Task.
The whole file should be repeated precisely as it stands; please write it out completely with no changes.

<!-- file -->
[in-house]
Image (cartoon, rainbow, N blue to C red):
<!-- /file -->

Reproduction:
[in-house]
Image (cartoon, rainbow, N blue to C red):